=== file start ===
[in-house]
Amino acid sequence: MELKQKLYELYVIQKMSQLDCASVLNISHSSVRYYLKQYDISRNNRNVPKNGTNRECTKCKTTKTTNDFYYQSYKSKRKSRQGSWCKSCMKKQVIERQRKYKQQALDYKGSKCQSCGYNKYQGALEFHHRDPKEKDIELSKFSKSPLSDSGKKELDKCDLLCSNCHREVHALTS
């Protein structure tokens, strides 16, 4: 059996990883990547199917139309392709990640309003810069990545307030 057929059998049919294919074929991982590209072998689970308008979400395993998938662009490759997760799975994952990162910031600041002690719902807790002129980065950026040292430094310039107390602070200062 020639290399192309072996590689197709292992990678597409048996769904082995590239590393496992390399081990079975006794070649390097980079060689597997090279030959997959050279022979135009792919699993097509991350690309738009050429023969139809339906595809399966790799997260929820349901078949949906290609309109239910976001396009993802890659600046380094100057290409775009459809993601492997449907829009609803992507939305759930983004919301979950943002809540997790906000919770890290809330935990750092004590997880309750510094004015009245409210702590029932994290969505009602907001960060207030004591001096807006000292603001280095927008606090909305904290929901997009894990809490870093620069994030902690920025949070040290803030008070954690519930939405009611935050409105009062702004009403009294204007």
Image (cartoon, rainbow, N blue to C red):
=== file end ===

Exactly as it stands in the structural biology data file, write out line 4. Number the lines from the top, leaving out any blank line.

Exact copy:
Image (cartoon, rainbow, N blue to C red):